Hot Dog! It's a Virtual Barbecue!

If you ask me, summer time calls for barbecues, and barbecues call for hot dogs! Last summer when my friend Amy and I were in Sweden, the obligatory summer hot dog was far from our minds, but never far from our hearts. Little did we know that there are all sorts of interesting hot dogs in Sweden! As luck would have it, whilst in Gamla Stan, we happened to find the best variation ever: French Hot Dogs! These were extremely long hot dogs that slid into the ketchup & mustard drizzled hollow of a piece of baguette. That's a shot of the clever & delicious dog over to the left.

I hope all of this hot dog talk has you hungry! On behalf of the Bookbinding Etsy Street Team, I'd like to invite you to our virtual BBQ! Now this is no ordinary barbecue, aside from the fact that it's a three day event, it is also a scavenger hunt! Head over to our team blog for the easy details on how you can be the lucky winner of the B.E.S.T. $30 gift certificate! While you're there, take a look at my recent Tools of the Trade post about awls.

Come and Get it!

I recently responded to a note on Facebook written by my friend, Erin Simpson. She is an artist whose blog can be found here, and whose artwork can be purchased here. We met and were roommates at SCAD, and she was the person who introduced me to bookbinding. Again, thanks for that, Erin!

So, back to this note! Here is an excerpt from what she wrote:
For the first SIX people who reply to this note, I will make and send you something. You never know what you might get, it could be a doodle, a painting, a t-shirt, a little creature made of clay... It could be pretty much anything, but it will be something creative and something that I will make especially for you.
My version of this varies slightly. I will use the True Random Number Service from Random.org to select six people from however many have responded (in the form of a post comment) by March 31st. The other variation is that, while you never know what you might get, you can bet that it will be some variation on the theme of paper, board, thread, and glue!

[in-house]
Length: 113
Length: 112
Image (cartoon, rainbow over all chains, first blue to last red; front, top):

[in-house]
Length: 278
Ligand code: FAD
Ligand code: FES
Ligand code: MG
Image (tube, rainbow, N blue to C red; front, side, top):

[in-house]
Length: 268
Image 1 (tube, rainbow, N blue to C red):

When your numbers are chosen, on April 1st, I will send you a message to let you know that you were selected to receive a "delightfully handcrafted object" from me, and I will request your address. Time will do the telling, and I will send you something at some point in the future! My guess is that you'll get your treat after the rest of our wedding thank-yous have all been sent!

Part II of the note is as follows:
The rules, as I have learned them, are that if you reply to this note, you then have to post a note like this yourself and make things for the people who reply, thus continuing the chain of creativity, giving, sharing, and awesomeness.
And not to worry if making things is not your particular cup of tea. You can participate by thinking of other ways to pass along the creativity, like writing awesome messages for people, baking, or just sending a cool thingamajig that you found in your closet or under your bed.
My variation on part II is that you should make a similar posting if your post comment is selected, no pressure if your comment isn't selected!

The photos in the post are a mix of some Japanese Stab bindings that I made around the time I was living with Erin (center image) and thank-you books that I made for my Swedish friends before I had to leave them and return to the states this past summer. The thank-you books (top and bottom image) are decorated with Swedish papers and imagery from places and events that we attended together. Inside is a recipe for a snack bar that I made to share whilst there, a special note, and my contact information.

So, make a comment and I'll make something for (6 of) you in return!